Egypt's Supreme Presidential Electoral Commission (SPEC) General Secretary Hatem Bagato attends a news conference to announce the final list of candidates for the presidential elections in Cairo April 26, 2012. (Photo: Reuters)
Midnight tonight is the time set by the Supreme Presidential Electoral Commission (SPEC) as the deadline for all presidential campaigning to end, 48 hours before voting begins in Egypt's first post-January 25 Revolution presidential elections.
According to the instructions of the campaigning ban, candidates are prohibited from publicity activities that can influence the decision of voters before casting their ballots Wednesday.
However, the penality for breaking the publicity ban remains undefined as the ban draws near. Articles in the presidential electoral law dealing with such penalties only state the terms of punishment applicable to violating approved campaigning activities, as instructed by SPEC. The law does not contain articles mentioning penalties for violators of the campaigning ban period.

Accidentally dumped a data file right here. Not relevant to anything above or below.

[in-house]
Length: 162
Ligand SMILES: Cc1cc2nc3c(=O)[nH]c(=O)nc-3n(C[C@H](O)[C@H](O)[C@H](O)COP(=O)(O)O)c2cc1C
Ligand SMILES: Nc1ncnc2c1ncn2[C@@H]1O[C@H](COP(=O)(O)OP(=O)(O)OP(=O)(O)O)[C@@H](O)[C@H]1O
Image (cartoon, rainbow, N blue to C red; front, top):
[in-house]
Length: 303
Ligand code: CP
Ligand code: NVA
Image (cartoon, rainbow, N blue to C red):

SPEC Secretary-General Hatem Bagato, in an earlier statement, admitted that SPEC does not have the authority to punish or disqualify a candidate if he breaks the ban on campiagning, but can only submit a complaint to the general prosecution. Bagato added that if a candidate who breaks the publicity bans wins the elections SPEC cannot refrain from announcing him the new president.
Media outlets, alongside presidential campaigns, are also subject to the publicity ban, forbidden from broadcasting any advertisement for particular presidential candidates, conducting interviews with the candidates, or announce any pre-election polls.
The first voting round in Egypt's first post-Hosni Mubarak presidential elections will be held Wednesday and Thursday 23-24 May, with a runoff round 16-17 June if no single candidate wins an outright majority.
Egypt's next president will be formally named 21 June.